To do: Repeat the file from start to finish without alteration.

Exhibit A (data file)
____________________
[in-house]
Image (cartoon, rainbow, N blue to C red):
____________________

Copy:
[in-house]
Image (cartoon, rainbow, N blue to C red):